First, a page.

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Records: Longer, multistep review of officer-involved shootings leading to yearslong waits for answers

JACKSONVILLE, Fla. – Jamee Johnson died at the hands of a police officer during a traffic stop in Jacksonville. His mother, Kimberly Austin, said she was the last to know in her family, and once she heard, it was too late.

“They said he was pretty much, my son was pretty much the aggressor. So, I was, like, ‘Well, show me the body video, body camera video.’ And he was, like, ‘No, you know, it’s an ongoing investigation,’” said Austin of her talks with the State Attorney’s Office.

“I was, like, ‘Well, if you’re saying that he did those things, let us see that for ourselves, you know, and then we can accept whatever happens.’"

It has been nearly six months since the 22-year-old Florida A&M University student was shot and killed by a Jacksonville sheriff’s officer, but Austin said her family still hasn’t been allowed to see what happened to her son.

As protests spread across the country over the killing of George Floyd, Jacksonville protesters demanded to see police body camera video showing Johnson’s death and video from other cases still trapped in the review process.

Tuesday, after more than a week of protests, State Attorney Melissa Nelson announced that her office plans to determine a specific time frame in which police body camera footage of officer-involved shootings must be released.

It’s a subtle difference from the previous policy in which the Jacksonville Sheriff’s Office said it was “legally prevented” from releasing the footage until the state attorney, JSO’s Response to Resistance Board and administrative officials reviewed the cases -- a process that, for some cases, has taken upward of three years to complete.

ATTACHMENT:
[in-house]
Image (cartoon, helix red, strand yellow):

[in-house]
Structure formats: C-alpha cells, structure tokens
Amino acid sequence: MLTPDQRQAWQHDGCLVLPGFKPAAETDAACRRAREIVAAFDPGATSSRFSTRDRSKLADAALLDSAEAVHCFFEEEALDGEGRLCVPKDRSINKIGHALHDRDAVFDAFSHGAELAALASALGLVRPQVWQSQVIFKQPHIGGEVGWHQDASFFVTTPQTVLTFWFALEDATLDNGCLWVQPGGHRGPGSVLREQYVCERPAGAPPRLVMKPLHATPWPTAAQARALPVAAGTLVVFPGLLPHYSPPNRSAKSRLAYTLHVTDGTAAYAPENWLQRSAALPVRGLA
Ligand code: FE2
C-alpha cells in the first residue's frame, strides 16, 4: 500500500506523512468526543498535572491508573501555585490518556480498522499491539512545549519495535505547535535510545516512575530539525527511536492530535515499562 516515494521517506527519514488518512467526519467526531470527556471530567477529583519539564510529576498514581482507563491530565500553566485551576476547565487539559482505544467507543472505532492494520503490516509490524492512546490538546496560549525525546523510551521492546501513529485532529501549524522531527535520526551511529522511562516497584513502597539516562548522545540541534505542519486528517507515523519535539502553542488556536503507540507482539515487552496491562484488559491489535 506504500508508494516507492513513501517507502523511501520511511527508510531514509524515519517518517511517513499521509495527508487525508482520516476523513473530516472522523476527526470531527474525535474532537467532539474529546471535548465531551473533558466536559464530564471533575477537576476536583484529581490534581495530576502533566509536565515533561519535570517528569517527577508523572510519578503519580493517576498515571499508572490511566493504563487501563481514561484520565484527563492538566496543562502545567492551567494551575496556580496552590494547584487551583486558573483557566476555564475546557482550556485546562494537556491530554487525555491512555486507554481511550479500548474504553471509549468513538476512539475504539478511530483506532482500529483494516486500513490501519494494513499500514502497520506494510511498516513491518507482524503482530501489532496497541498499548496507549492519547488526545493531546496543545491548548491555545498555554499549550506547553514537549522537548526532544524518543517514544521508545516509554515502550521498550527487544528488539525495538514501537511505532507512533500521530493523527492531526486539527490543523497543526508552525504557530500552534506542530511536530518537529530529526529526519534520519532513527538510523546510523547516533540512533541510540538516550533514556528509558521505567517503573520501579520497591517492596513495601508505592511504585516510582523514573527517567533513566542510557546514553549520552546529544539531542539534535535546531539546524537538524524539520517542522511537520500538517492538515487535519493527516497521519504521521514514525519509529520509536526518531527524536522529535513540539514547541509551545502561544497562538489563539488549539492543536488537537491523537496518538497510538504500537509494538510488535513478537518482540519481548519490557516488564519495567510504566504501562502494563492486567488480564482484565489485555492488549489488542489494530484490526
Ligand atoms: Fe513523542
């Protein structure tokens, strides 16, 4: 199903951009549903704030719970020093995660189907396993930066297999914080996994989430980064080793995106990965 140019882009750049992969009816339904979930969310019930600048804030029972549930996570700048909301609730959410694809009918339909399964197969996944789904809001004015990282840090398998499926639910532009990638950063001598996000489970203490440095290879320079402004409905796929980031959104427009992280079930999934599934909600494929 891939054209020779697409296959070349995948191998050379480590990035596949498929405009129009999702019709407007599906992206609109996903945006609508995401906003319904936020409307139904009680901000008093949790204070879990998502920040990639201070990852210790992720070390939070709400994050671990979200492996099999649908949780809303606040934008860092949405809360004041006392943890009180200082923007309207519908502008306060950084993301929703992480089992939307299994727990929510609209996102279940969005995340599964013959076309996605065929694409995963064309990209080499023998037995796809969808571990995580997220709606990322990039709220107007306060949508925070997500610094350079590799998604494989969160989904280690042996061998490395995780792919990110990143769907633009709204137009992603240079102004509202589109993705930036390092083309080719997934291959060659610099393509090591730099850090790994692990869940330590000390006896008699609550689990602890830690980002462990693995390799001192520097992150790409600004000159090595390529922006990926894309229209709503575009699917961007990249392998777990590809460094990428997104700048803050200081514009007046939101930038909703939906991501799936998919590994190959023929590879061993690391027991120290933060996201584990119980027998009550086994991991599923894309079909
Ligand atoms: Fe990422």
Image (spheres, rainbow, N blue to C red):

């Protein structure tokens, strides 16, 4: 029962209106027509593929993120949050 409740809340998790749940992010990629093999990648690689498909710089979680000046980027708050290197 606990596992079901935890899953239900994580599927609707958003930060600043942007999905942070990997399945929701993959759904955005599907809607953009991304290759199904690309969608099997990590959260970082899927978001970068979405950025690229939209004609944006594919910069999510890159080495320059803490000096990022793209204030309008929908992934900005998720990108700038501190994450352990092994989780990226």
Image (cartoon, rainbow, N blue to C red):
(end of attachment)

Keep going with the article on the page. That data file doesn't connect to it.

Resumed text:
A News4Jax I-TEAM analysis of data from JSO’s Open Data page found, under Nelson, the State Attorney’s Office for the 4th Judicial Circuit is, on average, taking longer to review cases than the previous administration.

The result is a longer wait for families and the public to know what led up to officers’ use of deadly force.

Data show, under the previous state attorney, Angela Corey, on average, reports were released 226 days after the original incident. While, under Nelson, it took an average of 611 days to complete the review of an officer-involved shooting.

Figures released by JSO show two cases that occurred before October 2016 are still pending review from the Response to Resistance Board and from administration.

In a memo released Tuesday, the State Attorney’s Office admittedly said the process for handling officer-involved shootings changed when Nelson took office, specifically, it added more steps.

The policy put in place during Nelson’s tenure requires law enforcement to investigate after an officer is involved in a shooting and forward the completed report to the assistant state attorney assigned to the agency. The attorney reviews the case, prepares a draft report and then presents it to the OIS Review Team.

“This review serves as an additional check and balance to ensure the investigation is thorough and the conclusions reached are sound. The multiple levels of review that each OIS receives highlights the importance we attach to thorough, correct, and reliable opinions rendered in these cases,” stated the State Attorney’s Office memo.

The policy, however, does not put a deadline on completing the investigation, records show.

The Jacksonville City Council’s Neighborhoods Committee on Monday will take up a resolution urging JSO and the State Attorney’s Office to “refine and improve” the current procedures for the release of body camera footage related to claims of police violence or misconduct.

Johnson’s mother said she isn’t sure what to expect when the video of his death is ultimately released, other than some sort of closure. She’s not even sure she wants to be the one to watch it.

“If they release it, you know, I’ll be glad of that, so we can really just really see for ourselves instead of hearing this happened, that happened, you know, and we can just move on from it to deal with it find a way to deal with it and move on,” she said. “It helps a lot that there are so many people that are out there wanting the same things for us and for Jamee to get some type of justice.”


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